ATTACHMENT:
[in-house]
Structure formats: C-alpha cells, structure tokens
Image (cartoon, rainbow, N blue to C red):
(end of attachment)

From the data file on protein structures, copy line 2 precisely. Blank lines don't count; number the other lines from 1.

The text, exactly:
Structure formats: C-alpha cells, structure tokens